The spires of the Basilica can be seen from the amphitheatres about a 5-minute walk. This is a very grand building which is lavishly adorned with carvings and sculptures.
The Basilica was built between 1872 and 1884 and is dedicated to Virgin Mary, who is said to have saved Lyon from the Black Death in the mid-1600s, as well as other nasty diseases and a Prussian invasion during the Franco-Prussian war.
After we had explored the area to our heart's content and had checked out several shops, we chose to meander our way back to the Old City through the beautiful gardens.
The gardens provide a zig-zag trail with lovely views, cool breezes, and lovely scented vines and roses. The pathway and a lot of stairs lead back down into the Old City.
We spent a lot of time just wandering the old city, searching for more traboules and looking in at all the different specialty shops and boutiques.
Like many medieval cities, similar industries and businesses in Vieux Lyon were organized along specific streets. We enjoyed the names and had fun speculating about the life of the tradespeople, artisans, and crafters who worked and lived on Rue de Boeuf (Beef Street), Rue de la Baleine (whale), Rue de la Fronde (forehead???) and Rue de trois-mariés (three married... was this 3 married couples, a polyamorous relationship or for people who married for the 3rd time?)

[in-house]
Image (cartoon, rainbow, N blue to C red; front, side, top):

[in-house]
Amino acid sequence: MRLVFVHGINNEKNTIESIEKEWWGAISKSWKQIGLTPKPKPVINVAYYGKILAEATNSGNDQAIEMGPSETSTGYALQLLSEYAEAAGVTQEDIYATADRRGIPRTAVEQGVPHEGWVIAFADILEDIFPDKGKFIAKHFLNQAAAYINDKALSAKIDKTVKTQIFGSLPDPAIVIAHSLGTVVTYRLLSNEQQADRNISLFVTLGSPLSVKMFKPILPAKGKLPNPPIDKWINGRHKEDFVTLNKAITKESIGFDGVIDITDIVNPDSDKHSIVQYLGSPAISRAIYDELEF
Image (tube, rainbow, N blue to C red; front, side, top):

We really enjoyed the variety of signs indicating businesses and neighbourhoods.
No blog about Lyon would be complete without attention to their strong food tradition. We had our first really good French meal in Lyon at a traditional bouchon. Bouchons serve Lyonnaise meals, which tend to be focused on sausage, duck, or pork. For dessert try one of the lyonnaise specialties, Praline Tart.
Look for one of the certified traditional bouchons for true authenticity. There are only about 20 certified bouchons but many other restaurants also use the term in their names. The certified bouchons are identified by a sticker showing the Guignol Marionette with a glass of wine in one hand and a napkin bearing the Lyon crest in the other.
I hope you will put Lyon on your list, it's a lovely small city with lots to explore. We walked everywhere and thoroughly enjoyed our time there. We were sad to leave but we were only half way through our travels in France and we were very excited about the rest of our journey. Follow along to find out where....